Content Strategy Diary

Content Strategy vs. Content Marketing – the Ultimate Guide to Differences

Do you know that movie “We need to talk about Kevin?” I feel a bit like Kevin when somebody says that content strategy and content marketing are the same things.

If you yourself think they are the same, don’t worry – it’s not your fault. 

Even the top experts use these terms interchangeably, and by doing so completely disregard different sets of skills these professionals need to have in order to do their job (and they are indeed quite different).

Back to my anger issues.

Another thing that gets my eye twitching is when experts talk about strategy and tactics as if they were the same thing. So, we’re definitely going to talk about this too!

There’s one more thing I’d like to underline before diving into the differences.

This article is obviously the same for everyone. But depending on whether you’re somewhat confused content marketer/content marketing strategist or a content strategist, or if you’re more on the client-side (aka an entrepreneur, CEO, CMO, digital marketing manager, or someone else in charge of the hiring process), this article will have a different outcome.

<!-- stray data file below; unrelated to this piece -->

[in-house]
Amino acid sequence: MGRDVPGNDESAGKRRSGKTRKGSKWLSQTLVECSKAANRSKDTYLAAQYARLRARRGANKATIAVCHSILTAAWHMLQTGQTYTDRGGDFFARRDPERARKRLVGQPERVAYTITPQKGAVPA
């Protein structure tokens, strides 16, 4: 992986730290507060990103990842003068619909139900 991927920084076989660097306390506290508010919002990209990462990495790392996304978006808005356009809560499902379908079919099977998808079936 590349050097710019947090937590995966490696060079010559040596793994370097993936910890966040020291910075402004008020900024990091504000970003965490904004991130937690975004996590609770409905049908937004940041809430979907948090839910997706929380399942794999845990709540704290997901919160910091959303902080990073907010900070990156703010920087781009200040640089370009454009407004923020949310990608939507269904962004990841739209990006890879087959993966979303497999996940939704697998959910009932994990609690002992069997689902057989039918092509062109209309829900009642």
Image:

CM / CMS / CS Outcome:

This article will let you know why it’s ok to have a mini-breakdown when:

Client-side outcome:

Now that we took off the bandage, let’s dive right into answering the most common questions and confusions.

Strategy, planning, tactic – are these synonyms?

Before we can clarify the differences between CS and CM, we first need to address the biggest confusion of them all.

What is the difference between:

Three photos of chessboard showing the difference between strategy, plan and tactic.